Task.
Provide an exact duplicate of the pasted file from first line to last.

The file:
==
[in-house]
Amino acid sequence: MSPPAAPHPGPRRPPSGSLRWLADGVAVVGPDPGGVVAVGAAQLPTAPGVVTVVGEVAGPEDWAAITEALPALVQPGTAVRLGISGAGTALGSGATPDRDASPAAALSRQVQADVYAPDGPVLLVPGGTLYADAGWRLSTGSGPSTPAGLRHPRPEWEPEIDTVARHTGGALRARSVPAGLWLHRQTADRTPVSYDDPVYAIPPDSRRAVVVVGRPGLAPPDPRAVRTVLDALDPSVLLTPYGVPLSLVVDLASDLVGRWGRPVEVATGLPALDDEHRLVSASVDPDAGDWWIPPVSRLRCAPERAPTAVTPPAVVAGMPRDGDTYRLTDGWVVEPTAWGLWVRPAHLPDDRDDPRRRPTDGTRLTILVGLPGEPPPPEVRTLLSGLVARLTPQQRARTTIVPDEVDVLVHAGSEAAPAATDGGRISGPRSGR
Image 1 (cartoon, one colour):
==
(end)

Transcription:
[in-house]
Amino acid sequence: MSPPAAPHPGPRRPPSGSLRWLADGVAVVGPDPGGVVAVGAAQLPTAPGVVTVVGEVAGPEDWAAITEALPALVQPGTAVRLGISGAGTALGSGATPDRDASPAAALSRQVQADVYAPDGPVLLVPGGTLYADAGWRLSTGSGPSTPAGLRHPRPEWEPEIDTVARHTGGALRARSVPAGLWLHRQTADRTPVSYDDPVYAIPPDSRRAVVVVGRPGLAPPDPRAVRTVLDALDPSVLLTPYGVPLSLVVDLASDLVGRWGRPVEVATGLPALDDEHRLVSASVDPDAGDWWIPPVSRLRCAPERAPTAVTPPAVVAGMPRDGDTYRLTDGWVVEPTAWGLWVRPAHLPDDRDDPRRRPTDGTRLTILVGLPGEPPPPEVRTLLSGLVARLTPQQRARTTIVPDEVDVLVHAGSEAAPAATDGGRISGPRSGR
Image 1 (cartoon, one colour):